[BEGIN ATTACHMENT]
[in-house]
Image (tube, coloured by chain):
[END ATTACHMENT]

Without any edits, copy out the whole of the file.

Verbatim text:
[in-house]
Image (tube, coloured by chain):